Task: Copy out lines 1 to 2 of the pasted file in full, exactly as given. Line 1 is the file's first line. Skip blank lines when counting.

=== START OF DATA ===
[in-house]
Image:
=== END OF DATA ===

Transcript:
[in-house]
Image: